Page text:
As a writer of cozy mysteries both short and novel length, I thought I’d share some of the top tips I’ve learned about writing them! Like everyone, I’m learning all the time and each story presents it’s own problems, but here are a few things I always think about before starting off!


Your cast should fit your word count

There’s a big difference between writing a short story and writing a novel. In a novel you have a long time to get from A to B (bear in mind keeping the pace up!) but in a short story, every word counts, and that means it’s important to have a cast of characters that isn’t too big or too small.

You still need to have red herrings and lots of suspects but you don’t want so many characters it gets confusing or too few so the mystery is easily solved.

The reader should be able to follow the sleuth unravelling the mystery without wondering what the heck is going on!


Plan carefully to give your sleuth what you need

As a general rule, cozy’s have amateur sleuths as the main character. Someone who doesn’t have access to police records or forensics. One of my favourite sleuth’s is Miss Marple because it’s her understanding of people and personalities that allows her to put all the pieces together to find the culprit.

When you’re writing you may need ways of getting information to your sleuth, so when you’re plotting or outlining, think about how your sleuth will solve the crime and then use this information to build your cast of characters. You may have a retired police inspector as a sidekick or you they might be neighbours with the local pathologist. Whatever you decide to do, thinking about this at the beginning will make the writing process easier.


Work backwards

Once I’ve got a basic idea of who gets murdered and why, I then work backwards deciding what clues should be left where and when they should be discovered. I then map on any other story arcs so I have a complete plan of how the crime is going to be solved. Once I’ve got the main thread sorted out, I then add on who will be the red herrings and what clues I need to plant for that. It’s time consuming, but I’ve found it worth doing to save endless re-writes and tearing your hair out trying to fix major plot holes! Obviously this works for me and won’t be right for everyone, but a certain about of plotting, or at least note taking as you write will help with the editing process.


Consider a sidekick

Holmes has Watson, Miss Marple ropes in different people in each novel, Poirot has Hastings … every good sleuth needs a sidekick and not just because it’s nice to have friends. It works as a narrative tool. It means your sleuth can bounce ideas off someone through dialogue which means you don’t have to write pages and pages of internal monologue that could potentially be really boring for the reader. Dialogue is much more fun to read and write. Oh, and the sidekick doesn’t have to be human! Even a dog or cat can be a good narrative tool because you can break up the main characters internal thoughts!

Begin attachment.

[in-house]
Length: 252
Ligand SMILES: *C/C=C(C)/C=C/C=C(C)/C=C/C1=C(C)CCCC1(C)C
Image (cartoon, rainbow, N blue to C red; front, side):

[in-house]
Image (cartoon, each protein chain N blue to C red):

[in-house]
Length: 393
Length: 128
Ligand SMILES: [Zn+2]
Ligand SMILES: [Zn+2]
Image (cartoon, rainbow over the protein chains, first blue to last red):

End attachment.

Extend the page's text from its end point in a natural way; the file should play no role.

A series is a serious thing to consider!

Some genres sell better as one-off books, others sell better as a series. Romance and cozy mysteries fall into the latter category. That’s not to say you can’t write them as one-off’s, of course you can, but the important thing to think about is if you think you might turn it into a series, you should really think about that from the outset. There are several reasons for this.

Firstly, you’ll need an MC who can go the distance and stay likeable to your readers. Secondly, you’ll need to name your series something that shows the titles are linked. That way, if readers come in on the third book in a series, they’ll probably go back and read books one and two. This is why a series is good for sales, you’re basically selling several books instead of just one. And finally, you’ll need to consider how the characters will grow and change during the series. This doesn’t need to be plotted in great detail now, but you do need to think about how your characters will change and grow over time.


I’ve made a lot of mistakes when writing, so I’ve got a lot more tips, but these are definitely my top five. I hope you found them useful. If you enjoyed the post let me know in the comments below and please share your top tips too!